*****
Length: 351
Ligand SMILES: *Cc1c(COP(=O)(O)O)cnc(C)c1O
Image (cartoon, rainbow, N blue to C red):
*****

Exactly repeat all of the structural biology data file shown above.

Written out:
Length: 351
Ligand SMILES: *Cc1c(COP(=O)(O)O)cnc(C)c1O
Image (cartoon, rainbow, N blue to C red):